B. 4. 2 Determine the single sample size of each sampling point
B. 4. 2. 1
If the maximum particle concentration of the particle size is at the upper limit of the specified ISO level, collect enough air at each sampling point to detect no less than 20 particles.
The single sample amount V of each sample point is determined by the formula <B. 2 ), :
Vs minimum sampling amount per sampling point (except for B. 4. 2. 2), the unit is liter (L);
Cn,m One-to-one correlation level The maximum concentration of particle size concentration limit, in units per cubic meter (m/m3)
20 The number of particles that can be detected when the particle concentration is at the level limit.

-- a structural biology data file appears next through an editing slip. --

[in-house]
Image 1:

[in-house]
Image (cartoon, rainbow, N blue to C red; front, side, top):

Note: When the Vs value is large, the sampling time can be very long. The number of samples required and the sampling time can be reduced using the sequential sampling method (see Appendix F).
B. 4. 2. 2
The sampling amount of each sampling point shall not be less than 2 L, and the sampling time shall not be less than 1 min.
B. 4. 3 sampling procedures
B. 4. 3. 1
Set the particle counter CB. 2. 1) according to the manufacturer's instructions and the instrument calibration certificate.
B. 4. 3. 2
The sampling probe should point to the airflow. If the direction of the airflow at the sampling point is uncontrolled or unpredictable (for example, non-unidirectional flow), the inlet of the sampling probe should be vertically upward.
B. 4. 3. 3
At each sample point, sample at the minimum sample size determined by B.4.2.
B. 4. 3. 4
When only one sample point is required, CB. 4. D, then at least three samples are taken at that point.
B. 5 Record results
B. 5. 1 Average particle concentration at each sampling point
B. 5. 1. 1